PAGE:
rear differential question


Junior Member
I have a 1960 truck that has a rear end from a 1970 chevy truck. It is a 12 bolt, 6 lug, 3:07:1 ratio. All was fine until the TB 350 tranny went out and I opted for a 700r4 as a replacement. I now have too high a ratio and feel that I need about a 3:43:1 rear end to make this right. So the question is, is what year(s) model chevy trucks would have this type of rear-end ratio that the gears could be pulled and installed in this 1970 rear end without major modification?


Alan Addict
Don't rule out going to 3.73 gears behind that 700R4. 3.4? will be ok if you're not towing or plowing, but if you load very heavy they will still be a little too tall.

I'm not positive, but I think you will be better off swapping the whole rear rather than setting up the gears in the housing. I would think that a 12 bolt shold be fairly easy to come by, or even a 10 bolt. Granted, the 10 is supposed to be a weaker axle all around, but keep in mind that GM ran 10 bolts in the front of K20s and they stood up to a lot of abuse.


Junior Member
rear end


Thanks for your reply. When I installed this 1970 rear end into my 1960 truck i had to cut the perches and re-weld them to fit. I would rather not do that this time and just change out the gears. 3:73 would be an option, but I tow very little and want the best compromise between performance and gas mileage. Would you happen to know the years that the gears would swap out?



Senior Member
Fairbanks AK
Depending on how tall your tires are, and how much cruising you will be doing, a lower (numerically higher) ratio than 3.73 could even be ok. With the turbo 350 you had a final drive ratio of 1:1 coming out of the transmission. With the 700R4 in overdrive, you are 1:.7. So to turn the same RPM at the same speed with your new transmission, 3.08/0.7 is 4.4. Soooooooooo you could go with a 4.10 gear ratio, turn less RPM than you were before, and have lots of get up and go. 3.73 would be fine also, I'm sure, and you'd see more MPG gains. To swap the gears, if you don't do it yourself, you're probably looking at about $500 parts and labor.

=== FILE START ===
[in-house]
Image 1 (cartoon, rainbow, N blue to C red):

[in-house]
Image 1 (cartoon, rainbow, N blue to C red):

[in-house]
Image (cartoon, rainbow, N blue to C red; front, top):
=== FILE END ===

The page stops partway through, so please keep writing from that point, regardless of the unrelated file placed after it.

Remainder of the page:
75 Addict
I agree with Alan that swapping out the rear axle as a unit is likely the better way to go. Changing the gears themselves is a bit more involved than simply yanking one set out and stuffing another set in - they need to be set up with the correct clearance and backlash in the gears, otherwise they won't last very long.

Since I'm not a mechanic but work in the metal fabricating field, naturally I would prefer to relocate spring perches over fiddling with gears and shims. And, if you can locate a couple of different ratio rear axles (say 3.73 and 3.4?) fab'em up and try one, if you don't like the results try the other one.


why is this rear gear wrong now?

the 700 has a lower 1st gear than the 350 almost like a granny low for an auto. if you are worried about it shifting with a load dont use OD D is still 1 to 1 and I have seen trucks with 2.83 rears and a 700 get around fine if its not broke dont fix it

also I would rec getting a lock up delay kit or a non locking convertor for it if you plan to work it